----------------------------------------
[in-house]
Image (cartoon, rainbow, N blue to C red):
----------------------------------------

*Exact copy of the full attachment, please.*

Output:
[in-house]
Image (cartoon, rainbow, N blue to C red):